16 Mar 2015

Hostage taking: new tool for media impact

Humanitarian Programmatic Issues

Kidnapping and the consequent use of hostages is hardly a new method for terrorist organisations to express their defiance towards enemy states, or even hostile home states. What differentiates current hostage situations from those of the past is the way in which they have been adapted to today’s information society. It seems that terrorist groups have found a new use for hostages: propaganda.

23 Feb 2015

Journalists and aid agencies: the opportunities and limitations of embedding

Acceptance, Humanitarian Programmatic Issues, Safety

On Tuesday 10 February the Frontline Club partnered with GISF to host an event on embedding journalism with aid agencies with a discussion by an expert panel. The evening was entitled ‘Embedding with Aid Agencies: Editorial Integrity and Security Risks’.

17 Feb 2015

Planning for uncertainty: Nigeria’s elections

NGO Security Management

Nigeria’s power dynamics are more complex than the north/south, Christian/Muslim, rich/poor dichotomies often presented. Whoever wins the election there are multiple competing scenarios that may emerge and NGOs cannot map, let alone plan for, all of them. When confronted by an array of threats, most of which you have limited to no influence over, one solution is to do the routine things well and focus on your capacity to react.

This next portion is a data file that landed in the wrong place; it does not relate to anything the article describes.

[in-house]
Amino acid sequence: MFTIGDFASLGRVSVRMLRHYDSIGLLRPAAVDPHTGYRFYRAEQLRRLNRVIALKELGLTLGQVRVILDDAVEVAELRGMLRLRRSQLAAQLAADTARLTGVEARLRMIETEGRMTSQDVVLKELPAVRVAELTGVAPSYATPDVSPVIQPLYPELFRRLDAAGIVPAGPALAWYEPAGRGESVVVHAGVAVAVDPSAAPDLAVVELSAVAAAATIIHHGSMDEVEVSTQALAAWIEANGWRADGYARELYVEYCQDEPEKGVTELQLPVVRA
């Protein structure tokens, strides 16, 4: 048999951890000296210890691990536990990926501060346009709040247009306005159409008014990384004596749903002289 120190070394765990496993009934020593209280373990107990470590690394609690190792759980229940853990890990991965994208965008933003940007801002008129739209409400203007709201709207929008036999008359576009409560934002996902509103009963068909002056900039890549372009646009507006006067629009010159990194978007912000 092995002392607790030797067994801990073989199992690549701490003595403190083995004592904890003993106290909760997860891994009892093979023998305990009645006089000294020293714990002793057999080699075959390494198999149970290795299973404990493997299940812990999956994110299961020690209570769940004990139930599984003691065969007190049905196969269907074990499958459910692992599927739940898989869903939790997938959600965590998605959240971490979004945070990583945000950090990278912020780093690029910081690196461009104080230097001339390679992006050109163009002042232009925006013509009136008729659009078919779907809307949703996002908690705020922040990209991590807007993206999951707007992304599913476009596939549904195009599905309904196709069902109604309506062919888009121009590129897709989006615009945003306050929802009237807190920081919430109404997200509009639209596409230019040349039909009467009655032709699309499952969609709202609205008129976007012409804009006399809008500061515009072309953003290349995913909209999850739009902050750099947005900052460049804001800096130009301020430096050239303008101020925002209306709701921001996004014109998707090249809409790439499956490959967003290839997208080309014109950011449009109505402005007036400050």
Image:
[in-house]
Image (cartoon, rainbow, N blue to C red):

9 Feb 2015

Fighting hate speech in Myanmar: are mobile and digital technologies the right tool?

Context Analysis, Humanitarian Programmatic Issues

The looming 2015 elections have heightened religious tensions in Myanmar. Hate speech has intensified and became more common and aggressive on blogs, web forums and Facebook pages. Hateful and inflammatory comments have served political groups as a tool to dehumanise Muslims. Considering the country’s political, social and religious context, we explore some challenges that projects monitoring inflammatory speech in blogs, forums, online newspapers and social media platforms might face in Myanmar.

27 Jan 2015

Difficulties of delivering aid in Northeast Nigeria: Boko Haram, vigilantes and other challenges

Civil-Military, Context Analysis, Humanitarian Programmatic Issues, NGO Security Management, Safety

Fighting to establish an Islamic ‘Caliphate’, Boko Haram hit the UN compound in Nigeria’s capital Abuja in 2011, killing 18. After the UN attack, President Goodluck Jonathan ‘reaffirmed his government’s “total commitment” to combating terrorism.’ In early 2013, Boko Haram gunmen killed nine polio workers, one of the deadliest attacks against aid workers in the region. Recent attacks in Baga and Doron Baga, where approximately 2,000 civilians were killed have further increased security difficulties for humanitarian organisations. Located in the Northeastern tip of Nigeria, humanitarian agencies have been unable to reach the destroyed towns since the attack due to the unstable situation.

21 Jan 2015